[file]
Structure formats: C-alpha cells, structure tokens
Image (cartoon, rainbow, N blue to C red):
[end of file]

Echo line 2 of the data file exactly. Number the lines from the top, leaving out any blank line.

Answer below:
Image (cartoon, rainbow, N blue to C red):